Patriots vs. Bills: Time, how to watch, live stream, key matches, prediction for ‘Thursday Night Football’

A week after the two teams played Thanksgiving, the New England Patriots are set to host division rival Buffalo Bills for Week 13’s edition of “Thursday Night Football.”

Buffalo picked up a closer-than-expected win over the Detroit Lions last Thursday afternoon, while New England dropped a close one against the Minnesota Vikings in the nightcap. These two teams are vying for a position in the surprisingly competitive AFC East, as well as the AFC playoff image as a whole. Buffalo enters the game one step ahead of the competition and is therefore favored – even on the road.

Will the Bills win three in a row, or will the Patriots get back on track and pull off the upset? We will find out soon enough. Before we break down the game, here’s an overview of how you can watch the game.

How to watch

Date: Thursday, December 1 | Time: 8:20 p.m. ET
Location: Gillette Stadium (Foxborough, Massachusetts)
Stream: Amazon Prime Video
Follow: CBS Sports App
Odds: Invoices -3.5, O/U 43.5

When the Bills have the ball

Like most young quarterbacks, Josh Allen had a rough start to his career against teams coached by Bill Belichick. In fact, in his first two seasons, Allen failed to complete more than half of his passes in any of his three starts against the Patriots. Combined, he was just 46 of 95 (48.4%) for 578 yards (6.1 per attempt), three touchdowns and five interceptions in those three games. That’s “good” for a passer rating of 56.4, or the rough equivalent of a performance in the range of someone like DeShone Kizer or Heath Shuler.

Since then, however, Allen has torn the Patriots apart in three of five starts (despite that streak, including the ridiculous wind game last year), and he’s had arguably the best playoff performance of all time in one of them.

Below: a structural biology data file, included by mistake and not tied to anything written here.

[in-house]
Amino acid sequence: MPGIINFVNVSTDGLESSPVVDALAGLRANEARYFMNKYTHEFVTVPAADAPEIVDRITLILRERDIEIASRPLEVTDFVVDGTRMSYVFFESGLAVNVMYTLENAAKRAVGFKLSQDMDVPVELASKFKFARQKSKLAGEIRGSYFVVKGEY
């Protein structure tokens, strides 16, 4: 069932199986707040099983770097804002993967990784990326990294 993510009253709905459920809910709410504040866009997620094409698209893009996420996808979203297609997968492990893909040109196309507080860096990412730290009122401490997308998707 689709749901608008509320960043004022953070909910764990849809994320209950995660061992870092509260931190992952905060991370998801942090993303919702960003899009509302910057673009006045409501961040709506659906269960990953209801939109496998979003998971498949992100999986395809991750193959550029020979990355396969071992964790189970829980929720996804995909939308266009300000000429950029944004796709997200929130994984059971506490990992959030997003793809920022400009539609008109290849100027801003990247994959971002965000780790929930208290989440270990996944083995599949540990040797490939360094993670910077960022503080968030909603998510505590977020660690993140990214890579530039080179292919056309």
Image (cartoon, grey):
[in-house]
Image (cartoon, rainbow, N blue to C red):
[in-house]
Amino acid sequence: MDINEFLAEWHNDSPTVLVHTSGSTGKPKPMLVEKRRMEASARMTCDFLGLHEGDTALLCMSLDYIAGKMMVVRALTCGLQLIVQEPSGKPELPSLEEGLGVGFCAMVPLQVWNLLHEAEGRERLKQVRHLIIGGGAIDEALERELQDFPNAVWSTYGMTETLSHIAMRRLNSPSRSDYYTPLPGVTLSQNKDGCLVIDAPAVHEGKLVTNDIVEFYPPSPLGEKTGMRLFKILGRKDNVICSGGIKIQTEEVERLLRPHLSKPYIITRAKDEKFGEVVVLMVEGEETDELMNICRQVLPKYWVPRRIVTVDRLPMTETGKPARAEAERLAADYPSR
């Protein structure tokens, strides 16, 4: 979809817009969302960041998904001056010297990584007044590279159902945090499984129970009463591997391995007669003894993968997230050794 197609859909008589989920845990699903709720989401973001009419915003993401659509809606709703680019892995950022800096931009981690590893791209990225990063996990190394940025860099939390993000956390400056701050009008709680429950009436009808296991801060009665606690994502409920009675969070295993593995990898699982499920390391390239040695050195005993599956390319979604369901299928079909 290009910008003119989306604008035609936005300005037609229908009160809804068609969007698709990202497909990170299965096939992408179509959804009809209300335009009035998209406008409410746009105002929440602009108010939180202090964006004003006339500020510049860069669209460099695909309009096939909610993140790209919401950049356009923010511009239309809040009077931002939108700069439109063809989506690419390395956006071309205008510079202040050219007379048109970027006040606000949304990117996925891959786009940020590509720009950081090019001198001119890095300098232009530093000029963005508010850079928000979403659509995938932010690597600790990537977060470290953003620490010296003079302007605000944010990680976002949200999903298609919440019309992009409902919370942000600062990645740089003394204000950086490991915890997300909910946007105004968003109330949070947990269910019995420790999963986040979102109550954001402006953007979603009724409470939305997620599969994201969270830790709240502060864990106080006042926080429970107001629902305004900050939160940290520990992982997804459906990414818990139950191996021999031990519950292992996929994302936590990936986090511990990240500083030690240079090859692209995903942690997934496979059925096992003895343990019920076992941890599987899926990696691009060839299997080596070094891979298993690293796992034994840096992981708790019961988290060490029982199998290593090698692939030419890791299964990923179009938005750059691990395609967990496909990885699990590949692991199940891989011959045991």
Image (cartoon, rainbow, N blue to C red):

2018 16 L 12-14 20 41 48.8% 217 5.3 1 2
2019 4 L 10-16 13 28 46.4% 153 5.5 0 3
2019 16 L 17-24 13 26 50.0% 208 8.0 2 0
first two All 0-3 46 95 48.4% 578 6.1 3 5
2020 8 F 24-21 11 18 61.1% 154 8.6 0 1
2020 16 F 38-9 27 36 75.0% 320 8.9 4 0
2021 13 L 10-14 15 30 50.0% 145 4.8 1 0
2021 16 F 33-21 30 47 63.8% 314 6.7 3 0
2021 bathroom F 47-17 21 25 84.0% 308 12.3 5 0
last two All 4-1 104 156 66.7% 1241 8.0 13 1

The New England defense ranks an excellent third in the NFL in Football Outsiders’ DVOA and first in the TruMedia version of the EPA by return, but in games against quarterbacks not named Zach Wilson or Sam Ehlinger, it was simply very good, rather than impossible to cast. versus. (Other quarterbacks completed 167 of 269 passes for 1,761 yards, 13 touchdowns and eight interceptions against the Pats, while this dreadful duo had 44 of 92 for 423 yards, two touchdowns and four picks — and three more dropped choices.)

In a game like this, one would expect Belichick to deploy his famous “1-Double” coverage, in which he uses his No. 1 corner to shade the opponent’s No. 2 receiver. while teaming up with the opposition’s No. 1 threat. But with Stephon Gilmore and JC Jackson each having moved on, there isn’t necessarily any logic to this matchup. Does Belichick trust rookie Jack Jones enough to use him on Gabe Davis all night while doubling up on Stefon Diggs? If not, would he use the bigger Jalen Mills on Davis and use Jones as part of the double on Diggs? Or would he rather sit in the zone and force Allen to repeatedly walk down the field with throws underhand? This would invite Allen to aim for Diggs all night, as the latter tends to work the short and middle areas of the court more often.